The Municipal Borough of Beddington and Wallington was incorporated in 1936 from the former Beddington and Wallington Urban District. A town hall (architect Robert Atkinson) and public library were built in Wallington town centre in the 1930s, as was the fire station in Belmont Road.
Wallington County Grammar School (for boys) was opened on London Road, close to Beddington Park in 1927.
Wallington was an important centre for the production of lavender oil until about the time of the First World War. Lavender and herb growing were very prominent in the area in Victorian times and much earlier, and extensive fields of lavender were to be seen in the Carshalton, Beddington and Wallington areas. Lavender growing was a very prosperous part of the local agriculture hereabouts in the 19th and early 20th centuries. In Wallington the area to the north of the station was chiefly used. The scale of the operation can be understood from the fact that the Daily News in 1914 was able to state that at nearby Carshalton Beeches “In every direction the low hill sides of the farm beyond Beeches Halt are swept with the bloomy pastel tint of the lavender flowers”. The importance of lavender is remembered and commemorated in a number of ways, for example:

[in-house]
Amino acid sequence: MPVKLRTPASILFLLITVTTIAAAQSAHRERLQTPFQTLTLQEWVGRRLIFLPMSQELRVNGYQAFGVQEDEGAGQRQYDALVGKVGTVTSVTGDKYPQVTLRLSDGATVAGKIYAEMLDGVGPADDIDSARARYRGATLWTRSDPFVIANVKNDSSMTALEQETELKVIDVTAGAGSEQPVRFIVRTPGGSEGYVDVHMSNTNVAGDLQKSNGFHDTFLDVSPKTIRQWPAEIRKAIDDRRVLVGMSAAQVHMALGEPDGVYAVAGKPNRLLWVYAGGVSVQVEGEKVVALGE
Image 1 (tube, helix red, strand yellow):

- There is a large sculpture at the junction of Woodcote Road and Stafford Road representing a lavender plant.
- The Christmas lights also represent lavender plants.
- One of the local lavender farmers - John Jakson of Little Woodcote Farm - lent his name to a public house in Woodcote Road.
- Local Scouts use lavender as the logo for the Sutton area on their shoulder badge.